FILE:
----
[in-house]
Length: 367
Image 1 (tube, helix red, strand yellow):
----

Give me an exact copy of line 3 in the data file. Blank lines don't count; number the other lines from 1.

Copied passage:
Image 1 (tube, helix red, strand yellow):